Historic Exhibition

The Benelux Artistic Pottery Consortium is preparing for an exhibit of its most prized urns and vases at a gallery in Nijmegen. Due to the sheer number of vases to be put on display the gallery has trouble finding a pedestal of the right size for every single vase. They have pedestals available that can either be placed normally or upside down and can be characterised by the diameter of their top and bottom surface. Moreover, the diameter of the top and bottom varies by at most one unit length.

For artistic reasons, it is important that the diameter of the base of a vase matches the diameter of the surface of the pedestal it is placed on. You have been asked to find a way to place all the vases on available pedestals. In order to make this work, you might need to turn some of the pedestals upside down. For example, Figure 1 shows a possible assignment of pedestals to vases for sample input $1$. Assist the gallery by writing a program to compute such an assignment.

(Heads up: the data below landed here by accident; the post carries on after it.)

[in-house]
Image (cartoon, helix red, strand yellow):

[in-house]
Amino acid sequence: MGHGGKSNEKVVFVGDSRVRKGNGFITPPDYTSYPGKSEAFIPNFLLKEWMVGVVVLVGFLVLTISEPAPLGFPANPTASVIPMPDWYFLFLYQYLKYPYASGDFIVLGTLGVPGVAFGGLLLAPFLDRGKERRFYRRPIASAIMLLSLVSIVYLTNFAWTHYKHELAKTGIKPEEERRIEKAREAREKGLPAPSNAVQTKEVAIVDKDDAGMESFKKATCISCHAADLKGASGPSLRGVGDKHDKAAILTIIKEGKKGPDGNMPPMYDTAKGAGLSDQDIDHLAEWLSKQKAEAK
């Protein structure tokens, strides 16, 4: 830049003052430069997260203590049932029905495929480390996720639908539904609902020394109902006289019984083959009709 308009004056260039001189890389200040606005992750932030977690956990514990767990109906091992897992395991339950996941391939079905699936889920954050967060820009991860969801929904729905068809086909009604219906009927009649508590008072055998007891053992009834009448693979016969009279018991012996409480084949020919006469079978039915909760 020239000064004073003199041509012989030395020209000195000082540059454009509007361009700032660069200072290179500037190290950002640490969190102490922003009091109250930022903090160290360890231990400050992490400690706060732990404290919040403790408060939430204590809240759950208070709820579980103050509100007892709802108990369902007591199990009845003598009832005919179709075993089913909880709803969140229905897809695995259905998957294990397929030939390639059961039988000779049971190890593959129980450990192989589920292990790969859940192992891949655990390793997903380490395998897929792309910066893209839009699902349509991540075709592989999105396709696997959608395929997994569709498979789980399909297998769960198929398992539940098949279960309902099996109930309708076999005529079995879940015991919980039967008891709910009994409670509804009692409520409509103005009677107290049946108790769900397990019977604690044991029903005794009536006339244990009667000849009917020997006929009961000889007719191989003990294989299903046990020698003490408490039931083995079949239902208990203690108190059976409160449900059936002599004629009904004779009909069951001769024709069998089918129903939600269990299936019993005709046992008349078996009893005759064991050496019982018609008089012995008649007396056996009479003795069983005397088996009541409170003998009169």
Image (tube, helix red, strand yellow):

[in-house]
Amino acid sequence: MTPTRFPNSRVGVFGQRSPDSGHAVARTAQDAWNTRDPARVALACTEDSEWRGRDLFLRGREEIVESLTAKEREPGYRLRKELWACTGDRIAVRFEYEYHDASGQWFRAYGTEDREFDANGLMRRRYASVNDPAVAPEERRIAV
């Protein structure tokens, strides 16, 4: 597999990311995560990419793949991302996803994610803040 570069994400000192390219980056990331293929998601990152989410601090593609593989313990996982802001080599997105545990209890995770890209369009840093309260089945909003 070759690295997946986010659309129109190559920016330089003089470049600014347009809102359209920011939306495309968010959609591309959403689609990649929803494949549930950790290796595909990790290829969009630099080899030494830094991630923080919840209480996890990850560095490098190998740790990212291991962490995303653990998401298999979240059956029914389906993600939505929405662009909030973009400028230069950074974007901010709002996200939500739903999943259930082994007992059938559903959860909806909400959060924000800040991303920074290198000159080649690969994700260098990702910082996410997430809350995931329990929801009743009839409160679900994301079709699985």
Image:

\includegraphics[width=0.9\textwidth ]{figure.pdf}
Figure 1: Solution for sample input $1$.

Input

  • The first line contains two integers $0\leq p, v\leq 10^4$ the number of pedestals and the number of vases.

  • Then follow $p$ lines, the $i$-th of which contains two integers $1\leq a_ i,b_ i \leq 10^4$ denoting the diameters of the different sides of pedestal $i$. It is given that $|a_ i-b_ i|\leq 1$.

  • Then follows a single line containing $v$ integers $1\leq c_1,\dotsc ,c_ v\leq 10^4$, where $c_ i$ denotes the diameter of vase $i$.

Output

  • Output $v$ distinct integers $1\leq x_1,\dotsc ,x_ v\leq p$ such that vase $i$ can stand on pedestal $x_ i$, or print impossible if no assignment of vases to pedestals exists.

If there are multiple possible solutions, you may output any one of them.

Sample Input 1 Sample Output 1
4 3
1 2
4 5
2 3
2 2
1 2 3
1
4
3
Sample Input 2 Sample Output 2
2 2
1 1
2 3
1 1
impossible
Sample Input 3 Sample Output 3
2 3
9 8
4 5
4 9 5
impossible